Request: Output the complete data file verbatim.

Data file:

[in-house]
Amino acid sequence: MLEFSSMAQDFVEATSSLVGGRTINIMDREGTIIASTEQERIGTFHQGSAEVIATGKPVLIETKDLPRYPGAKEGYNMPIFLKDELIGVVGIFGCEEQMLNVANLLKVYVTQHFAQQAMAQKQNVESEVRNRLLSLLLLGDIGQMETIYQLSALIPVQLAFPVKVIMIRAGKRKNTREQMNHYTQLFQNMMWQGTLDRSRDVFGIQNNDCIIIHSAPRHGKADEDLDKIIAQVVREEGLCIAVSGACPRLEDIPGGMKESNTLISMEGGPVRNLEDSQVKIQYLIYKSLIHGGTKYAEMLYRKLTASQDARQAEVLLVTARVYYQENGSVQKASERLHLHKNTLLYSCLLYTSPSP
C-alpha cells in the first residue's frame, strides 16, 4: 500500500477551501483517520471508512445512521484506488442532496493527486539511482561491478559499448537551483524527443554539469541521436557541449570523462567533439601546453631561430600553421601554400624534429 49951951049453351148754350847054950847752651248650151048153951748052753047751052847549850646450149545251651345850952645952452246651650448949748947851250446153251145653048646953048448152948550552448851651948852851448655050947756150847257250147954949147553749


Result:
[in-house]
Amino acid sequence: MLEFSSMAQDFVEATSSLVGGRTINIMDREGTIIASTEQERIGTFHQGSAEVIATGKPVLIETKDLPRYPGAKEGYNMPIFLKDELIGVVGIFGCEEQMLNVANLLKVYVTQHFAQQAMAQKQNVESEVRNRLLSLLLLGDIGQMETIYQLSALIPVQLAFPVKVIMIRAGKRKNTREQMNHYTQLFQNMMWQGTLDRSRDVFGIQNNDCIIIHSAPRHGKADEDLDKIIAQVVREEGLCIAVSGACPRLEDIPGGMKESNTLISMEGGPVRNLEDSQVKIQYLIYKSLIHGGTKYAEMLYRKLTASQDARQAEVLLVTARVYYQENGSVQKASERLHLHKNTLLYSCLLYTSPSP
C-alpha cells in the first residue's frame, strides 16, 4: 500500500477551501483517520471508512445512521484506488442532496493527486539511482561491478559499448537551483524527443554539469541521436557541449570523462567533439601546453631561430600553421601554400624534429 49951951049453351148754350847054950847752651248650151048153951748052753047751052847549850646450149545251651345850952645952452246651650448949748947851250446153251145653048646953048448152948550552448851651948852851448655050947756150847257250147954949147553749